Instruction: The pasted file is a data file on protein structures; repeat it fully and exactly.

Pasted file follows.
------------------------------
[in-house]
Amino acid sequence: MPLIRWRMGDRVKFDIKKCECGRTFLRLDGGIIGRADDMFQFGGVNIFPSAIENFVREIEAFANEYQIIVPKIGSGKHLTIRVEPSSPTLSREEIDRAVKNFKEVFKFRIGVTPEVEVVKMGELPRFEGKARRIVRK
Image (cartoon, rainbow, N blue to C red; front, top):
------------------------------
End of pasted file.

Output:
[in-house]
Amino acid sequence: MPLIRWRMGDRVKFDIKKCECGRTFLRLDGGIIGRADDMFQFGGVNIFPSAIENFVREIEAFANEYQIIVPKIGSGKHLTIRVEPSSPTLSREEIDRAVKNFKEVFKFRIGVTPEVEVVKMGELPRFEGKARRIVRK
Image (cartoon, rainbow, N blue to C red; front, top):